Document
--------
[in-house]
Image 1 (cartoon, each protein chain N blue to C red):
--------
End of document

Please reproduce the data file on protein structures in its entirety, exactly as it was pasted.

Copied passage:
[in-house]
Image 1 (cartoon, each protein chain N blue to C red):